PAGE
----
Having seen the light, I set about approaching the doctor once again for a referral and contacting the school to ask for support. To cut a very long story short, after speaking to the GP, the Health Visitor, the school SENCO, the school nurse, the local council and an Autism charity, I have got no further forward, other than to be sent dates for MORE PARENTING CLASSES! Having wasted the best part of 6 years being accused of poor parenting, I have bitten the bullet and am now awaiting a date for a private assessment.

So, while we await a diagnosis, what is our life like with a suspected PDA child?

In summary, it’s tough. It’s exhausting. It’s emotionally draining.

Our son dominates our every waking moment, and we live life on eggshells.

Every day he goes to extreme lengths to avoid the normal demands of life. On good days he can be persuaded to comply if demands are posed as games, competitions, challenges or he is in control of when/how he completes them, but on bad days nothing will prevent a violent meltdown. Normal parenting techniques such as the naughty step, confiscating toys or removing privileges and reward charts only intensify the meltdowns.

Whilst appearing sociable and wanting friends, he is very much on the periphery of any friendship groups and lacks the depth of social understanding required to form any meaningful relationships with his peers. He tends to play around other children until they tire of his bossiness and controlling nature at which point he plays alone.

Despite being very verbal, he is showing some signs of speech/language delay. He struggles to ask appropriate questions to deepen his understanding of a situation and gets muddled when trying to get his point across. He often mimics phrases he has heard from adults, which come across as inappropriate or out of context.

He obsessively follows his baby brother around but has no concept of personal space or acceptable touch and struggles to play with him for any period of time.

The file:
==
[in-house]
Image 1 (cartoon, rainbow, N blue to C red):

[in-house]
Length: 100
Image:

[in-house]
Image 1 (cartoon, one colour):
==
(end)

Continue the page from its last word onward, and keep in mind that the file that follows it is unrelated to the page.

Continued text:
He carries a high level of anxiety and will become frantic, hyper and act the clown when he is feeling especially out of control and possesses suspected sensory issues – despising certain noises, disliking wearing clothes and rejecting anything even mildly warm (think food, baths, tap water for his toothbrush).

But I must end by stressing that it isn’t all bad. Despite our many difficulties, I am still a hugely proud mum of an extremely special boy.

A boy who can read better than most of his older class mates, construct the most imaginative contraptions out of lego and talk animatedly about them for as long as you will let him. A child who gives the best cuddles, tries his very hardest to do the right thing and loves his baby brother dearly.

And given the struggles that I now see clearly he deals with on a daily basis, he is quite simply one of the bravest and most beautiful boys I know.


For more information about PDA, please visit the PDA Society website at, or The PDA Resource.

If you click on the links below they will take you back to previous weeks of 'This is Our PDA story' where you can get a flavour for what PDA life is like.

Week 15
Week 14
Week 13
Week 12
Week 11
Week 10
Week 9
Week 8
Week 7
Week 6
Week 5
Week 4
Week 3
Week 2
Week 1

To find out more about our experiences, please check out our 'About Us' page. If you are looking or more information on Pathological Demand Avoidance, why not try some of these, my most popular posts?

What is PDA (Pathological Demand Avoidance)?

Ten things you need to know about Pathological Demand Avoidance

Does my child have Pathological Demand Avoidance?

The difference between PDA and ODD

Strategies for PDA (Pathological Demand Avoidance)

Pathological Demand Avoidance: Strategies for Schools

Challenging Behaviour and PDA

Is Pathological Demand Avoidance real?